Reply
      1. Pedantic Grammar Police

        Women used to have that special right, it was called chivalry. Whose idea was it, to get rid of that? What cis-hetero shitlord came up with the idea that women should have the same rights and responsibilities as men?

        Reply
          1. wilbur

            I assert my right to privacy to not be exposed to teenagers from 45+ years ago awkwardly trying to dance to an undanceable song.

            My feelings count too.

            Reply
            1. Pedantic Grammar Police

              I call your awkward teenagers and raise the host rocking out in front of a TV set at 1:40.

  3. Skink

    There’s some confabulation in play. Women should make the rules because people say mean things and the nets pose physical risk to women because privacy. They aren’t the same issues, but she doesn’t so much as nudge her foot toward the clutch when shifting gears. So the fat assumption lays there: net mean and real-life stalking are the same thing.

    Can’t use What’s App without a phone number and Lyft puts the passenger’s first name on a sign? Those are reasons for some amorphous privacy thingamajig? Buried in that is another unstated assumption: the right to use those things. It seems a given that because some service or site exists, people have the right to use it the way they want and the government should see to just that.

    Ms. Chang wants a nicer net for women. She can set one up. She can put the servers in a safe spot atop some Smokey Mountain hill. She can make all the rules. I’ve been thinking of doing something like that–I’ll open a bar called Nicely’s. It has only nice people; not-so-nice and sarcastic people may not appear. Those is depossessed from the premises. I figure it’s 8-5 against being open for more than a week, so I’m hedging with a plan for a biker bar.

    Reply
      1. Skink

        That throws a wrench in everything. I wasn’t planning on selling good whiskey. Tell me, are people entitled to good whiskey in my bar?

        Reply
  4. Raccoon Strait

    There is a way for all women to achieve their non-interlaced dual goals of privacy and not being treated badly by mean people online, some of whom might be men and some of whom might be women disguised as guys. All they need to do is reach for the off button on their computer.

    Of course, they will say, ‘what? and not be able to participate in the greatest communication system yet devised by humankind’? Well, yeah. If your going to stick your feet in the water, expect to get wet.

    They can control their privacy by not using social media. They can protect their privacy by using pseudonyms online. They can protect their privacy by religiously using a VPN to mask their IP address. They can protect their privacy by not giving out personally identifying information. What they cannot control is how anyone, anywhere will react to the things they put out on the Internet for anyone to see.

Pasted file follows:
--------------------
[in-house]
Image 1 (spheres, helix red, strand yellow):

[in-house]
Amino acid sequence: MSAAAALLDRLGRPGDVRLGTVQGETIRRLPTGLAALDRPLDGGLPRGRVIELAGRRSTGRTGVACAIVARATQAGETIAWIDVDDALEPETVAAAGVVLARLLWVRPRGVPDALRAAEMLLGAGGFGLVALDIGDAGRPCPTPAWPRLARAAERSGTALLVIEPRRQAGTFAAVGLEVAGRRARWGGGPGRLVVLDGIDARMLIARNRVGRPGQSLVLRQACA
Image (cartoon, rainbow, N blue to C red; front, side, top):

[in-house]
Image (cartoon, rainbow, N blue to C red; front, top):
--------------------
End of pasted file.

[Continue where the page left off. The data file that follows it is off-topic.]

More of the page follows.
They can control their reactions to what people say about the things the put out on the Internet. They can learn to be mean back. They can learn to be meaner back. They can learn to be moderate back in the face of any unreasonableness. Or, they can act like a duck in a rainstorm where the water just rolls off their backs. They can open their own forums where the moderation decisions are made by like minded people. The problem with only talking to like minded people is that it is difficult to learn in an echo chamber. It is also difficult to teach when everyone else realizes that it is an echo chamber and even the slightest veering off the path of the true believers will be relegated to the sound absorption room, and the only ones you ‘teach’ are those that are already on board with you.

    Learning to communicate, that is the sending and receiving of information, is hard. It is often the listening part that is most difficult as those noises in our heads are always more clear that those noises outside our heads. Especially when those outside noises are things that are going to make one sad.

    Reply
    1. Guitardave

      ” It is often the listening part that is most difficult as those noises in our heads are always more clear that those noises outside our heads. Especially when those outside noises are things that are going to make one sad.”
      …and then sad moves into batshit crazy when all the noises in your head are dissonant to any made in reality.

      Reply
  5. Elpey P.

    Someone should take some choice highlights of her article, republish them as-is using a man’s name, and link to the new article with a disparaging tweet on feminist Twitter. The results would probably be illuminating.

    Reply
  6. Jeff

    Simple Justice is the first page on the internet where I’ve felt the need to use my real name. Or, alternately, where I’ve not felt the need to conceal my real name. I haven’t felt safe to say whatever I want or feel online, as if I was, I would not have hidden behind a pseudonym.. Maybe I wasn’t at risk of rape, but the idea of harassment over the internet following into the real world is not a new thing.

    As such, I’ve always kept certain details out of the public eye; marital status, location, even sex as the chosen pseudonym was usually not gender specific.

    My point in all this is that as far as I know, nothing on the internet requires you to identify yourself, and it’s still true that nobody will know you’re a dog unless you choose to tell someone.

    Maybe it’s because I don’t have an illustrious career on a blog telling people what they should feel about things (this is not a direct comment on yourself, Mr Greenfield), but I don’t see this as anything but a tempest in a teapot. If you don’t want people saying bad things about your woman-ness, don’t tell them you’re a woman. It doesn’t apply here.

    But then maybe that’s because I’m a cisgender shitlord or something.

    Reply
    1. SHG Post author

      Way back when, in the early days of the blawgosphere, I wrote about how it was the great equalizer. Nobody knew if you were young or old, black or white, male or female, gay or straight. And nobody cared. You were as good as your mind allowed. It was glorious not to ever give a damn about any of it. Got something good to say, you were appreciated and at home. Nothing else mattered.

      I still don’t care, but then, I never did.

      Reply
  7. Gretz

    Since you mentioned it, would you happen to know what the ratio of “reasonably scared female cops” to their participation in the law enforcement, or are they by and large made of sturdier stuff than their male cohorts?

    (I looked but didn’t find a good analysis, yet.)

    Reply
  8. Julia

    I think, what Emily Chang is trying to say is “if somebody voiced an unpopular opinion online, they can be doxxed and face a real physical threat”. But since she’s talking to her digital echo chamber on social networks, it becomes a “woman safety issue”, conflates “sexual harassment” with privacy and is cryptic for an outsider.

    My unpopular opinion is that journalism should be divorced from the social networks for the sake of clarity.

    Reply